SUNRISE: Gov. Hickenlooper faces big decision

THE GAZETTE - Updated: May 22, 2013 at 8:14 am • Published: May 22, 2013 | 7:10 am 0

DENVER - Gov. John Hickenlooper is expected to decide soon whether Nathan Dunlap will be executed for the Chuck E. Cheese killings.

The governor's spokesman, Eric Brown, tells The Denver Post (http://tinyurl.com/nlj8glk ) an announcement could come as early as Wednesday.

A press conference has been scheduled at the state Capitol Wednesday afternoon by the Arapahoe County District Attorney's Office, which handled the case.

The 38-year-old Dunlap is on death row for the 1993 ambush slayings of four people in a Denver-area pizza restaurant. He was convicted and sentenced to die in 1996, and the U.S. Supreme Court turned down his last guaranteed appeal this year.

A judge scheduled his execution for the week of Aug. 18.

   

WEATHER

The National Weather Service forecasts a high of 73 with a 10 percent chance of thunderstorms Wednesday in Colorado Springs. Expect an overnight low of 46.

  

AROUND COLORADO

Lawmaker receiving White House honor

DENVER (AP) - A Colorado state senator is visiting the White House to receive an honor given to openly gay, lesbian and transgendered public officials.

Democratic Sen. Pat Steadman of Denver is receiving the "Harvey Milk Champion of Change" award Wednesday. Ten such awards are given in memory of the slain gay-rights leader.

Steadman was a lead sponsor of Colorado's recently enacted civil unions law.

Steadman has been active in gay rights for much longer. In 1992, before he was a lawmaker, Steadman helped organize a lawsuit challenging Colorado's Amendment 2, an anti-gay initiative that was declared unconstitutional by the United States Supreme Court in 1996.

Attempt to recall state Rep. McLachlan falls short

DURANGO (AP) - Voters hoping to recall Rep. Mike McLachlan of Durango haven't collected enough signatures.

The Durango Herald reports (http://bit.ly/13JA9i4 ) the campaign to recall the Democrat needed to submit at least 10,587 petition signatures from voters in McLachlan's district by Tuesday. Campaign organizer Dave Saleh says about 8,500 were collected.

Saleh says McLachlan's opponents will either initiate another recall campaign or engage McLachlan in 2014, when he's up for re-election.

McLachlan says he's pleased the recall campaign didn't succeed, because it would have forced a divisive and expensive special election.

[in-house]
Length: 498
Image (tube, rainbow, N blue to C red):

Recall efforts began after McLachlan voted for gun bills, including one that limited high-capacity magazines.

Other Democrats, including Senate President John Morse of Colorado Springs, who supported the bills also have been targeted.

Aurora 7th grader finalist in National Geographic Bee

AURORA (AP) - A seventh-grader from Aurora is representing Colorado in the final round of the National Geographic Bee.

Pranit Nanda (PRAN'-it nahn-dah) is one of 10 students from across the country competing in Wednesday's finals in Washington, D.C. The 13-year-old attends Aurora Quest K-8 School and is competing for prizes including a $25,000 college scholarship and a trip to the Galapagos Islands.

The competition is being moderated by Jeopardy! host Alex Trebek and will be broadcast Thursday on the National Geographic Channel.

Girl's murder prompts new computer application

LONGMONT (AP) - The murder of a 10-year-old girl is prompting development of a new computer application to track children and issue a warning when they are off track.

Jessica Ridgeway disappeared last fall somewhere along her route from home to school. Austin Sigg has pleaded not guilty in the killing last October.

Technology entrepreneur John Guydon tells the Longmont Times-Call (http://tinyurl.com/o39uhdw ) the application for computers and smartphones will bark if something goes wrong. He hopes to have it on the market this summer.

Boulder County drilling moratorium not extended

BOULDER (AP) - A moratorium on processing new applications for oil and gas drilling in unincorporated Boulder County will end as scheduled June 10.

The Daily Camera reports (http://bit.ly/166Lb4q ) county commissioners decided Tuesday to let the moratorium expire rather than extend it again. However, they also discussed potentially limiting the numbers and locations of new well sites allowed under the county's new land-use regulations over the next year or two, as well as hiring the county's own inspectors to monitor wells.

Some residents had wanted commissioners to ban the drilling process of hydraulic fracturing altogether, but Commissioner Cindy Domenico said state laws and court rulings have limited local governments' ability to adopt rules stricter than the state's regulations.

Hydraulic fracturing, or fracking, involves blasting water, sand and chemicals underground.

Wildlife officers euthanize bear

BOULDER (AP) - Wildlife officers have killed a 2-year-old bear that broke into two homes in Boulder in search of food.